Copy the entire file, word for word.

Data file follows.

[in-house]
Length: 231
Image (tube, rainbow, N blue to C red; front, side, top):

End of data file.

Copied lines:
[in-house]
Length: 231
Image (tube, rainbow, N blue to C red; front, side, top):